Recent policy changes by the UK government have spurred the developers of the Nocton Fen wind farm to pull the plug on their project. The new government policy accelerated a planned end to wind farm subsidies, setting an end date of April 2016, and added a requirement that all wind projects receive approval by nearby residents via a local or neighborhood plan.
In response to these changes, Swedish wind developer Vattenfall held a six-week local consultation, and this week announced it would not proceed with the project:
Graham Davey, Vattenfall’s Project Manager for the Nocton Fen Wind Energy Project, said: “It’s obviously disappointing to stop development of Nocton Fen as it would have delivered significant benefit locally and generated affordable, clean and renewable energy for tens of thousands of homes every year.
“It was clear that proposed changes to onshore wind planning in England introduced increased risk in the process. Stopping the scheme now is a sensible decision.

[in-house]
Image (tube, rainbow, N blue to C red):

North Kesteven District Council Leader, Councillor Marion Brighton OBE, spoke for the locals, saying, “We welcome Vattenfall’s decision and appreciate them making this announcement so soon after the close of their recent statutory pre-application engagement. Their proposals would have been unreasonably intrusive in terms of the landscape character and amenity of local communities and I am sure that this decision not to proceed will be of significant comfort in bringing clarity on Vattenfall’s position in light of the Government’s recent policy announcements.”
This particular wind farm would have been built on the estate of vacuum cleaner tycoon James Dyson, and had raised local ire from the start due to its proximity to a local landmark, the Lincoln Cathedral; the turbines would be twice its height. “Lincoln Cathedral defines the landscape for miles in each direction,” said Melvin Grosvenor, who lives in the village of Baumber, 10 miles west of the proposed site. “This [wind farm] would spoil the long-distance view that has existed for a thousand years and change the character of the whole area.”
There are currently 250 wind farm proposals, totaling 2500 turbines, that may be similarly affected by the policy changes; time will tell whether the UK’s on-shore wind industry grinds to a halt, or adapts and finds a way forward. It’s unclear from recent reports whether the loss of subsidies is deal-killer for wind developers, or whether some projects may be viable without subsidies, if they are far enough from neighbors to gain local support.